Crime Magazine is about true crime: organized crime, celebrity crime, serial killers, corruption, sex crimes, capital punishment, prisons, assassinations, justice issues, crime books, crime films and crime studies.
The famous S.L.A. publicity image of new member Patty Hearst
On May 17, 1974, Los Angeles police surround a home in Compton where the leaders of the terrorist group known as the Symbionese Liberation Army (SLA) are hiding out. Several months earlier the SLA had kidnapped Patricia Hearst, heiress to the Hearst family publishing empire. Police found the house in Compton when a local mother reported that her kids had seen a bunch of people playing with an arsenal of automatic weapons in the living room of the home.
The LAPD's 500-man siege on the Compton home was only the latest event in a short, but exceedingly bizarre, episode. The SLA was a small group of violent radicals who quickly made their way to national prominence, far out of proportion to their actual influence. They began by killing Oakland's superintendent of schools in late 1973 but really burst into society's consciousness when they kidnapped Hearst the following February. Months later, the SLA released a tape on which Hearst said that she was changing her name to Tania and joining the SLA. Shortly thereafter, a surveillance camera in a bank caught Hearst carrying a machine gun during an SLA robbery. In another incident, SLA member General Teko was caught trying to shoplift from a sporting goods store, but escaped when Hearst sprayed the front of the building with machine gun fire. Although law enforcement officials began talking about the SLA as if they were a well-established paramilitary terrorist organization, the SLA had only a handful of members, most of who were disaffected middle class youths.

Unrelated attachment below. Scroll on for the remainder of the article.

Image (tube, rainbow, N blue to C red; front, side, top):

On May 17th, Los Angeles police shot an estimated 1,200 rounds of ammunition into the tiny Compton home as six SLA members shot back. Tear gas containers thrown into the hideout started a fire, but the SLA refused to surrender. Autopsy results showed that they continued to fire back even as smoke and flames were searing their lungs; they clearly chose suicide and martyrdom over jail. Randolph Hearst, Patty's father, remarked that the massive attack had turned "dingbats into martyrs." The raid left six SLA members dead, including leader Donald DeFreeze, also known as Cinque. Patty Hearst was not inside the home at the time. She was not found until September 1975. Hearst was put on trial for armed robbery and convicted, despite her claim that she had been coerced, through repeated rape, isolation, and brainwashing, into joining the SLA. Prosecutors believed that she actually orchestrated her own kidnapping because of her prior involvement with one of the SLA members. Despite any real proof of this theory, she was convicted and sent to prison. President Carter commuted Hearst's sentence after she had served almost two years. Hearst was pardoned by President Clinton in January 2001.
Michael Thomas Barry is the author of Murder & Mayhem 52 Crimes that Shocked Early California 1849-1949. The book can be purchased from Amazon through the following link: